“We are searching for the core of our lives; our culture intuits that writing, that ancient activity, might be a pathway.” And indeed, Natalie Goldberg’s many students have found it be so – as we have in the Writing Life women’s writing circles.
The theme of one of the two six-week writing circles I offered in the fall was Gifts from the Journey. My intent was that in the stillness of the circle, we would honour our influences along the way: the people (teachers, friends, ancestors); the places we’ve lived and visited; the many experiences we’ve lived and thereby honour ourselves. And I wanted to make sure our writing about the past was done from being grounded in the present.
There were various gifts along the way as we supported the telling of one another’s stories. And there were epiphanies and insights about the writing process itself. Those insights, I pointed out to the women, are good to make note of.
After ringing the Tibetan ting sha and asking members of the writing circle to take three deep breaths, I read a poem. This is the same practice every week. In week one I read a poem called “Remember” by Joy Harjo.
“Remember the sky that you were born under, / know each of the star’s stories,” the poem begins. Some of the writing we did in that circle was inspired by the poem. We began to write “I remember. . . “
I remember the winter of 2016 as being a sort of blur of being mostly bedridden, of the effort it took to get up and down the two front steps.
I remember being in a wheelchair while on the ferry and feeling protected as Sarah pushed me around in it.
I remember seeing Nanaimo storyteller Margaret Murphy as Georgia O’Keeffe saying “I faced my own unknown.”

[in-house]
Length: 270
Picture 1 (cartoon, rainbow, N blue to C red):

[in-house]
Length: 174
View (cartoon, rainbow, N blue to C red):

I remember Dad beside me on the bench of the picnic table. I thought of all I could ask him and yet the time didn’t seem right. I am left to imagine what I do not know.
We wrote while we were together and shared what came up. We echoed back what resonated with us. Some are inspired to keep writing during the week and will bring something back to share the following week. Their confidence builds as they find their own voice.
Another prompt that kept us going was to write “My Life Story in Ten Objects.” You can start with a list or you can get caught up with one object and write a poem or a personal essay.
One of the objects from my list as a symbol or object from recent times was a blue cane called Hugo.
Grandma used a cane as she had arthritis and one leg was fused at the knee. I don’t know why. I just remember her leg always being straight out when she sat down in the wicker rocker in the living room.
Mum used a cane to help her along after she had her right leg amputated below the knee. I had fears of the same thing happening to me when I had cancer in my shin.
In the morning when I put ointment on the small patch of the skin graft not healed and put on a compression stocking, I think of Mum having to put on a stump sock and a prosthesis. I don’t actually have it so bad.